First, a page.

Overall, pediatric oncology providers hold “predominantly favorable attitudes toward medical marijuana use in pediatric cancer patients,” authors concluded.
Previous surveys of physicians and health care providers report similar attitudes. Survey results published in 2013 in the New England Journal of Medicine reported that 76 percent of respondents supported the use of cannabis therapy in the treatment of metastatic breast cancer. A 2014 poll of over 1,500 physicians commissioned by Web MD similarly reported that 82 percent of oncologists believed that marijuana treatment provides legitimate therapeutic benefits.
An abstract of the survey data, “Pediatric oncology providers and use of medical marijuana in children with cancer,” appears online here.
Today marijuana activists, patients and business owners from around the country are gathering in our nation’s Capitol to officially kickoff NORML’s 2016 Conference and Lobby day in Washington DC. We’re extremely excited about our line up of speakers and panelists for our conference, followed by a busy day of meetings with members of the House and Senate.
To start off, NORML members and supporters will be meeting at George Washington University, for a full day of presentations and panel discussions with policy experts and seasoned lobbyists. I’m especially excited to hear from John Hudak with the Brookings Institute. He recently wrote an open letter to presidential candidates urging them to take the issue of marijuana law reform more seriously. You can read more, here!
Tomorrow morning, NORML members will gather at the Longworth building on Capitol Hill where they will be addressed by: Congressman Blumenauer (D-OR), Congressman Polis (D-CO) and Congresswoman Delbene (D-WA). They are expected to speak in detail about the various pieces of legislation that are highlighted below. With more than twenty pieces of federal legislation aimed at reforming America’s archaic marijuana and hemp laws, it is imperative that we do our part by educating them on the many benefits of embracing a new approach. The same applies to everyone who will not be able to attend, except the focus will be on making phone calls, writing letters and/or sending emails using our online action center.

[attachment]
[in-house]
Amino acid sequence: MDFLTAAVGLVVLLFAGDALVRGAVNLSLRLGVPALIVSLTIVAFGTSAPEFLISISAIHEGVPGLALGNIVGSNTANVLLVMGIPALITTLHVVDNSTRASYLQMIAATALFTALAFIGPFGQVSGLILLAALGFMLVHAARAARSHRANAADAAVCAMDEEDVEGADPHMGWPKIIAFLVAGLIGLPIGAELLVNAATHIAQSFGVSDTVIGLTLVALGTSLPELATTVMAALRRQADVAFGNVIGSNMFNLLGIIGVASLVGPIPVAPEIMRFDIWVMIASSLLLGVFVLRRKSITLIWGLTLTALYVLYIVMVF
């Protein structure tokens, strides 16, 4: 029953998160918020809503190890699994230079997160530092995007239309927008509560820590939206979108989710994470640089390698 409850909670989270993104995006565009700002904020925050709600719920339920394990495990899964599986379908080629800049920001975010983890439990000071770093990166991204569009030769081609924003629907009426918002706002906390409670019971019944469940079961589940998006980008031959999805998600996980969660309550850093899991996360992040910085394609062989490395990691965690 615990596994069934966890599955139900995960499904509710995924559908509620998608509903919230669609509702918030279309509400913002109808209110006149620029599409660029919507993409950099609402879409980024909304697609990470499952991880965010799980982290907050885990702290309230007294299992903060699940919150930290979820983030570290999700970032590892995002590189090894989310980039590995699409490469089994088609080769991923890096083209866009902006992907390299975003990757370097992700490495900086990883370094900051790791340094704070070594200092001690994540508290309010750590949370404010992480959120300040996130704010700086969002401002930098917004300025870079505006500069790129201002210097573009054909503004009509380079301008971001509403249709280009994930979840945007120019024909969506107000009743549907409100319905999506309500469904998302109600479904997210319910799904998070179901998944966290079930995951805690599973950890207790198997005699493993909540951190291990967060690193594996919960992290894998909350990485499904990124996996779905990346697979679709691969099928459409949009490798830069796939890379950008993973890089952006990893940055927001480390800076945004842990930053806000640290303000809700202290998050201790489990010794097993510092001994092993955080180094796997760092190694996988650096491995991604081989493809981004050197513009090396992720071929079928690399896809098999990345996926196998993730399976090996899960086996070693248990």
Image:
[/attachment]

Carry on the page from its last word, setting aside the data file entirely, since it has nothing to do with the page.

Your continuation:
To access the information below, simply click on any of the links and you’ll be directed to a three-page document that includes everything you and your fellow activists will need to assist us with our lobbying efforts (talking points, phone script, letter template etc.). Feel free to contact your representatives about each one, or pick a few that you’re most passionate about!
During last year’s congressional letter writing campaign, our network of affiliates and chapters generated more than 2000 letters and emails to congressional offices so I hope we can do the same or better this year!
Fifty-six percent of Americans say “Marijuana use should be legal,” according to the results of a nationwide poll commissioned by CBS News. The percentage is the highest ever reported by news agency.
Only 36 percent of respondents said that they opposed legalization.
Seventy-one percent of respondents between the ages of 18 and 34 said that marijuana use ought to be legal, an increase of 10 percent since CBS posed the question last year. Among those age 35 to 64, 57 percent of respondents backed legalization, while only 31 percent of those age 65 or older did so.
Men (59 percent) were more likely than women (54 percent) to support making marijuana use legal. Democrats (63 percent) and Independents (58 percent) were far more likely to support legalization compared to Republicans (44 percent).
In response to a separate polling question, 51 percent of Americans admitted having consumed cannabis, up from 34 percent in 1997.
The poll possesses a margin of error of +/- four percent.
The CBS survey results are similar to those of other recent national polls, such as those by reported by Gallup, CBS, and Pew, finding that a majority of Americans now support ending marijuana prohibition.